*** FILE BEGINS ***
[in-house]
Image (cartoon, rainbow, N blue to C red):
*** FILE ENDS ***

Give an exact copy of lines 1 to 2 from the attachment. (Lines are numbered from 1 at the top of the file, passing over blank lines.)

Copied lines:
[in-house]
Image (cartoon, rainbow, N blue to C red):